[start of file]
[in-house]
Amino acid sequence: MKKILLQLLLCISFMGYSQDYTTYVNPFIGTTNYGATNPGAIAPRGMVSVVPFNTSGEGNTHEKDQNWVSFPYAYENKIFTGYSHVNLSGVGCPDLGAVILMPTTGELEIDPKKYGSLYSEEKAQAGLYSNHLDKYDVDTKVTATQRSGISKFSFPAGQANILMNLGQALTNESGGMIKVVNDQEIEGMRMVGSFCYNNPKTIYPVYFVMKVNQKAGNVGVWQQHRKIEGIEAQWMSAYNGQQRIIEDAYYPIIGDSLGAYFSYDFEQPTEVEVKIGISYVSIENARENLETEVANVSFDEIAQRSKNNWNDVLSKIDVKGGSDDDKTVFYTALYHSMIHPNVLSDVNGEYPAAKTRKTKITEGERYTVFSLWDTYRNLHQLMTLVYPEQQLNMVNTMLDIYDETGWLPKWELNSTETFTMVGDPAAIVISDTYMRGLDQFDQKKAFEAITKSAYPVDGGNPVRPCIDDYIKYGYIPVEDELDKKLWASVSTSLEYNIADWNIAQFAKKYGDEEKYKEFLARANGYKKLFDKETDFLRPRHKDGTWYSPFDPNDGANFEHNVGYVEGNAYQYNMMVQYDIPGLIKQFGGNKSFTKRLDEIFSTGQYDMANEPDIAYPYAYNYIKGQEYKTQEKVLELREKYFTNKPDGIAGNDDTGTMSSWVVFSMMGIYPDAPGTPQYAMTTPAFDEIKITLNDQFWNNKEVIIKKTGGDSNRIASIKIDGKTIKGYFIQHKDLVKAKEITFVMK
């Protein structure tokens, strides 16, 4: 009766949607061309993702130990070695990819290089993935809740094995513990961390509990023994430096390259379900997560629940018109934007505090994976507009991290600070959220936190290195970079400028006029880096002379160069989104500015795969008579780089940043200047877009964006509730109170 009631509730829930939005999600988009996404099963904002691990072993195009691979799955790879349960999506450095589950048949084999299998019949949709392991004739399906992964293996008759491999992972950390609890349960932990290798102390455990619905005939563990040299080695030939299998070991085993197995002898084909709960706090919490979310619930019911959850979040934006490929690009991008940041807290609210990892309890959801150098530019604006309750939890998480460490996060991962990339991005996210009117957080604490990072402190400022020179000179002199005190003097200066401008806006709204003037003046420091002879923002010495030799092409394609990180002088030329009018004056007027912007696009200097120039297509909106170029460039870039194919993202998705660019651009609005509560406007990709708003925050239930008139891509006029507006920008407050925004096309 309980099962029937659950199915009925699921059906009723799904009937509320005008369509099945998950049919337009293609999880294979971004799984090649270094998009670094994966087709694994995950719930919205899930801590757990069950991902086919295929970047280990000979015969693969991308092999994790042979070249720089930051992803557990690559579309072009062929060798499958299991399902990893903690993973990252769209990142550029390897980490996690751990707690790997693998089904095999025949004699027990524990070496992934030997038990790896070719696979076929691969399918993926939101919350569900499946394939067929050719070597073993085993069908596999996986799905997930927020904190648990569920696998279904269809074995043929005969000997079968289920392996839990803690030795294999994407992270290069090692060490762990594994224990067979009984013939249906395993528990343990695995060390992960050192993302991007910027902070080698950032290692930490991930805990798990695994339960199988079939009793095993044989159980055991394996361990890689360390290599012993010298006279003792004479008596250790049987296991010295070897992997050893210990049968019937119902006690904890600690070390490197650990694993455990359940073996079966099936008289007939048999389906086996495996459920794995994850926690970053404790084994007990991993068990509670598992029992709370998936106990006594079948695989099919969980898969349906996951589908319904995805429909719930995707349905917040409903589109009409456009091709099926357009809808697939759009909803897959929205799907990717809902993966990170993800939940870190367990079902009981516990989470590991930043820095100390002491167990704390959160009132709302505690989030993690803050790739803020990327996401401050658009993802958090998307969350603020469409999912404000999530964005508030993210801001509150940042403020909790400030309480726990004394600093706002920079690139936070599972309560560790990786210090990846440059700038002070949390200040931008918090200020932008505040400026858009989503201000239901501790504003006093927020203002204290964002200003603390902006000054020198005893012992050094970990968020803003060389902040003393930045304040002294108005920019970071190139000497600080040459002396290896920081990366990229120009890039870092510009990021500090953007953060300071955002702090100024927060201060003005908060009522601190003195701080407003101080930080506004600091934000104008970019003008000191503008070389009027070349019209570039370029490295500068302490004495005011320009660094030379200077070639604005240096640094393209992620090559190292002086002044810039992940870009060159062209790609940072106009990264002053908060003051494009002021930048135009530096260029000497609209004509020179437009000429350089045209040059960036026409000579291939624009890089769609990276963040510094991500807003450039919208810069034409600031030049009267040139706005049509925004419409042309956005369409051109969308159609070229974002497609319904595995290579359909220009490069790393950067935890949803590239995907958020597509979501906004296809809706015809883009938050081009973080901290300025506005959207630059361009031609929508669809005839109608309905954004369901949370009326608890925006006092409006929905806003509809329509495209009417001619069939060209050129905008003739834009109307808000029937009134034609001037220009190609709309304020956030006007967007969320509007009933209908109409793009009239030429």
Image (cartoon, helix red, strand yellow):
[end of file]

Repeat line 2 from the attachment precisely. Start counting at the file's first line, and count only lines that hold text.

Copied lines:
Amino acid sequence: MKKILLQLLLCISFMGYSQDYTTYVNPFIGTTNYGATNPGAIAPRGMVSVVPFNTSGEGNTHEKDQNWVSFPYAYENKIFTGYSHVNLSGVGCPDLGAVILMPTTGELEIDPKKYGSLYSEEKAQAGLYSNHLDKYDVDTKVTATQRSGISKFSFPAGQANILMNLGQALTNESGGMIKVVNDQEIEGMRMVGSFCYNNPKTIYPVYFVMKVNQKAGNVGVWQQHRKIEGIEAQWMSAYNGQQRIIEDAYYPIIGDSLGAYFSYDFEQPTEVEVKIGISYVSIENARENLETEVANVSFDEIAQRSKNNWNDVLSKIDVKGGSDDDKTVFYTALYHSMIHPNVLSDVNGEYPAAKTRKTKITEGERYTVFSLWDTYRNLHQLMTLVYPEQQLNMVNTMLDIYDETGWLPKWELNSTETFTMVGDPAAIVISDTYMRGLDQFDQKKAFEAITKSAYPVDGGNPVRPCIDDYIKYGYIPVEDELDKKLWASVSTSLEYNIADWNIAQFAKKYGDEEKYKEFLARANGYKKLFDKETDFLRPRHKDGTWYSPFDPNDGANFEHNVGYVEGNAYQYNMMVQYDIPGLIKQFGGNKSFTKRLDEIFSTGQYDMANEPDIAYPYAYNYIKGQEYKTQEKVLELREKYFTNKPDGIAGNDDTGTMSSWVVFSMMGIYPDAPGTPQYAMTTPAFDEIKITLNDQFWNNKEVIIKKTGGDSNRIASIKIDGKTIKGYFIQHKDLVKAKEITFVMK